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Reisverslag A typical day in the Expat Life
19 oktober 2014
A typical day in the Expat Life
“Early” varies from 5.00 am to 6.30 am. All these years I’ve thought, that the earlier you wake up, the harder it is to get out of bed.
Even though the transition from half-in-dreamland to standing up besides my king size bed-shaped-throne is the one of the hardest movements ever, time doesn’t seem to influence it that much. Truth be told, waking up at 28degrees Celsius does make everything slightly more acceptable..
Plus, everyone here is awake just before the sun comes up.
So the moment I open up my curtains, I find the streets beneath me crawling with life.
Wrinkly Cambodian women are passionately putting up their laundry, while most of the men sit at one of the many cafeteria scattered around the street. They’ve already pulled their t-shirts up, exposing their bellies. I’m still not sure if this is really keeping them more cool or if it’s just a deeply imbedded cultural habit. Maybe rubbing your round, naked belly is just more cool than we realise (no pun intended).
The cafeteria serve njam-bai, which means as little as “eat rice”. The dish itself varies from place to place, but is basically some rice, a bit of meat, egg and a soup-like dish on the side to add to it.
Every now and then I mix myself into the crowd to quietly consume a njam-bai myself. It’s cheap, good and doesn’t require me to prepare anything myself. Yeah, I’m becoming thát lazy.
Habits are sticky though, so most of the days I start with the overnight oats I prepared the day before. I mix them with some organic muesli and chia seeds, and wash it down with an ice cold mineral water, fish oil and a multivitamin.
Then I put on the training outfit I’ve readied the day before, too, and make my way to the Crossfit gym.
The class begins at 5.30 and the WOD’s (Workout Of the Day) are normally pretty ruthless.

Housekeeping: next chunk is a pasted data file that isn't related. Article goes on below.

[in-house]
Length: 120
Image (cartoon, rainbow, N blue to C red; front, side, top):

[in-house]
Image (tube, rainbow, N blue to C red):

I’ll find myself breaking records on powerlifting techniques, doing Burpees for time or maxing out my pistol squats.
And strangely enough, working out so early doesn’t affect my performance at all. I’ll even take it a step further and see it gets me feeling great. It gets my brain into high gears and I’m ready for a day of work.
Since I start at 8, I’ve still got time to shower and grab a cup of coffee at Joma, my favourite coffee place after working out. Which is, comfortably situated, right between my home and the clinic.
So I sit down and take 30 minutes, drink my coffee, and put some chapters of whatever it is I’m reading into my brain. Right now, I’m reading “Born to run”, a phenomenal book about the art of running. It’s fitting, because I’m planning to run the half marathon at Ankhor Wat, one of the seven miracles in the world in Siem Reap.
After this morning routine, I’m off to work. The clinic I work at is literally a world of difference from back home. Physiotherapy in Holland, is moving further and further away from its essence. There is simply too much paperwork, it’s time pressured and strongly affected by insurance companies breathing down our necks.
Here in Phnom Penh, we have 45 minutes of pure treatment time for each patient. Every therapist you ask, will tell you that this is a massive step forward from that. The types of injuries are all serious, challenging and rewarding to help fix. Patients are motivated and every one of them has an interesting story behind the reason they’re here.